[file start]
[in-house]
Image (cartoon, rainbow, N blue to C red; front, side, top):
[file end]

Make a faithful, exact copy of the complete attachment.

[in-house]
Image (cartoon, rainbow, N blue to C red; front, side, top):